Millions, perhaps hundreds of millions, of persons pray for peace in Ukraine. Yet, peace seems elusive. The same can be said for countless other circumstances bringing pain, suffering, and death from no more mass shootings to cures for cancer to an end to COVID.
Why, Lord, do you not intervene?
Cyndi shared with me the other evening, after watching an update on the latest attacks by the Russian military on Ukraine, that she doesn’t understand. She prays every day for a miracle that would bring peace. And she knows that she isn’t alone.
Why, Lord, is there no peace in sight?
We celebrate communion on the first Sunday of each month as part of our tradition. We don’t have to wait until the first Sunday of each month to celebrate communion. Nothing is lost if we celebrate communion every Sunday. And nothing is lost if we celebrate communion during the middle of the week. This is our choice.
Russia didn’t have to invade Ukraine. It was Vladimir Putin’s decision. There was no mandate that Salvador Ramos kill innocent children, but he chose to do so nonetheless. Likewise, there is no divine ruling that the U.S. allow the proliferation of guns to continue. We choose this pathway one election and one vote at a time.
God chose to create humanity and give us an incredible gift requiring tremendous love. God gave us the freedom of choice. But like all good gifts, there can be a downside. In the case of choice, the downside is consequence.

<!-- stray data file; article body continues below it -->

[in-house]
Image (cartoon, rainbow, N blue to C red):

Sometimes I forget some of the subtleties that come from God choosing to live as a person in history. A human body, mind, and spirit born in an ordinary way. Jesus was born to a poor family, raised by persons from His village, taught by teachers who tried their best to help Him learn, and parents who weren’t prepared for the consequences of pregnancy.
Jesus had a body that needed fuel for energy, ached from over-worked muscles, and felt sorrow when others suffered. Just like us, Jesus laughed, cried, and experienced anger. And just like us, His body was God-art.
And Jesus made choices and suffered consequences. The most significant was His choice to allow His enemies to end His life in one of the most inhumane methods imaginable. An object lesson with eternal consequences.
What set Jesus apart from you and me was His divinity. We read in the opening of John’s Gospel that Jesus wasn’t created but was always and will always be the alpha and omega, the first and the last.
One day as Jesus was walking and talking with His followers, He noticed a blind man. “What horrible thing did this man or his family do that he was born blind?” His followers asked. “Nothing,” Jesus responded. And with mud made from spit and dirt, Jesus applied a treatment to the man’s eyes. “Go and wash off the mud,” Jesus instructed the blind man.
Sight is a complex system of light, brain, and body. And the simple act of washing your face likewise engages complex systems that allow for motion, touch, smell, and taste.
Did you know that wetting your forehead is one way to help ground your thinking? According to Psychologist Michael Breus, splashing water on your face lowers your anxiety by grabbing the attention away from your sympathetic nervous system. This act activates your parasympathetic nervous system to counteract anxiety.
Jesus told him, “Go and wash your face in the Pool of Siloam…” So the man went, washed his face, and came back seeing.